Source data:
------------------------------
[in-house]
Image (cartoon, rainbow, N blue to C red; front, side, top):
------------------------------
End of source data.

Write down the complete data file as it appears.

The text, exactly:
[in-house]
Image (cartoon, rainbow, N blue to C red; front, side, top):